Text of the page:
Jul 17, 2001

The White Stripes

The Troubadour, Los Angeles, CA

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07/17/01 The Troubadour, Los Angeles, CA

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Set One

Let’s Shake Hands 106

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When I Hear My Name 110

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The Big Three Killed My Baby 155

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Jolene 221

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Dead Leaves and the Dirty Ground 193

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Hotel Yorba 120

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I Think I Smell a Rat 122

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Little Room 55

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The Union Forever 251

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We're Going To Be Friends 135

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Expecting 114

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Aluminum 43

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Baby Blue 174

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Cool Drink of Water Blues 79

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Astro 110

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Farmer John 49

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Your Southern Can Is Mine 94

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Broken Bricks 189

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Screwdriver 199

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You're Pretty Good Looking 98

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Boll Weevil 174

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Encore

Hello Operator 127

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St. James Infirmary Blues 101

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Look Me Over Closely 227

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Show Notes

24 bit files are at 192 khz

Enjoy this show recap from Third Man Record's Own, Ben Blackwell:

It'd be delusional for anyone to argue that the White Stripes gig at the Troubadour in Los Angeles on July 17th of 2001 was the primary focus for the band that day. Of far more intrigue and excitement was their mid-afternoon recording of a live performance at CBS Studios for the evening broadcast of The Late Show With Craig Kilborn.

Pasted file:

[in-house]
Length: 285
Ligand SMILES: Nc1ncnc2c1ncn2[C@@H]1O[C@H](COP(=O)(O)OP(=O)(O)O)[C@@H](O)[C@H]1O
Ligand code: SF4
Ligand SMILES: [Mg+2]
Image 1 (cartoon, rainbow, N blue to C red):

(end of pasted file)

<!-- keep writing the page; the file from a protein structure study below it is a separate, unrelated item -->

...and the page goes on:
So once THAT had commenced and the Troubadour confirmed that they could pull up CBS on the television behind the bar...the rest of the day is just a bonus.

Listening back twenty years later, I have to say that the show feels unmoored without a slide blues interlude of "Death Letter" anchoring it all. I know the band didn't play "Death Letter" at EVERY show, but damn, at this point in the career, it seems like it was all but a given. 

So what a delight it is for off-the-cuff covers like Tommy Johnson's "Cool Drink of Water Blues" and Gene Vincent's "Baby Blue" and "Farmer John" by Don and Dewey all to sit comfortably among the standards of the era like "Dead Leaves" and "Little Room" and "The Union Forever." The accent-based "St. James Infirmary" is always a treat and anytime any song comes after "Boll Weevil" I consider that extra special.

The celebratory feeling of seeing Jack and Meg bash out "Screwdriver" and "Your Southern Can Is Mine" on Kilborn on the modest screen behind the storied downstairs bar was probably the last moment where I most truly thought "there's no getting bigger than this" for the White Stripes. And the fact that we're here, now, twenty years later still talking about and sharing these recollections is all the proof I need that the White Stripes are amazingly still relevant and, in many ways, still getting bigger.